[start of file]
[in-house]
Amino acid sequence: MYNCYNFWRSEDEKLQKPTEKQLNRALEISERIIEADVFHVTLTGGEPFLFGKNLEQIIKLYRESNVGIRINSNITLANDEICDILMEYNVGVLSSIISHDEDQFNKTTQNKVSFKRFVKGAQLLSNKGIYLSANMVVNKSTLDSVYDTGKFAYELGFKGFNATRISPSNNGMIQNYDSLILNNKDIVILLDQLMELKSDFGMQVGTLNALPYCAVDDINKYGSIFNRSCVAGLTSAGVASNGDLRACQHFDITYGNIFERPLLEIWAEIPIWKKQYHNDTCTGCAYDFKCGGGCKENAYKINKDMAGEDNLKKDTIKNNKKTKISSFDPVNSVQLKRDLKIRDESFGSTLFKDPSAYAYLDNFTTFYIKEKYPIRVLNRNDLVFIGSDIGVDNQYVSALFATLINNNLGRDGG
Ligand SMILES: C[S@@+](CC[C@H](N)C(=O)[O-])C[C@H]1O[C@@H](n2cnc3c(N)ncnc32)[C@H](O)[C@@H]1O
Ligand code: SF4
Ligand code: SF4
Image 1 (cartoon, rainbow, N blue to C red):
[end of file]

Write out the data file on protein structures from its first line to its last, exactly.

[in-house]
Amino acid sequence: MYNCYNFWRSEDEKLQKPTEKQLNRALEISERIIEADVFHVTLTGGEPFLFGKNLEQIIKLYRESNVGIRINSNITLANDEICDILMEYNVGVLSSIISHDEDQFNKTTQNKVSFKRFVKGAQLLSNKGIYLSANMVVNKSTLDSVYDTGKFAYELGFKGFNATRISPSNNGMIQNYDSLILNNKDIVILLDQLMELKSDFGMQVGTLNALPYCAVDDINKYGSIFNRSCVAGLTSAGVASNGDLRACQHFDITYGNIFERPLLEIWAEIPIWKKQYHNDTCTGCAYDFKCGGGCKENAYKINKDMAGEDNLKKDTIKNNKKTKISSFDPVNSVQLKRDLKIRDESFGSTLFKDPSAYAYLDNFTTFYIKEKYPIRVLNRNDLVFIGSDIGVDNQYVSALFATLINNNLGRDGG
Ligand SMILES: C[S@@+](CC[C@H](N)C(=O)[O-])C[C@H]1O[C@@H](n2cnc3c(N)ncnc32)[C@H](O)[C@@H]1O
Ligand code: SF4
Ligand code: SF4
Image 1 (cartoon, rainbow, N blue to C red):